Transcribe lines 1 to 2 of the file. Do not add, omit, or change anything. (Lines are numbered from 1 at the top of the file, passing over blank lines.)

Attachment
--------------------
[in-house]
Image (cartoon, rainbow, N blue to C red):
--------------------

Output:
[in-house]
Image (cartoon, rainbow, N blue to C red):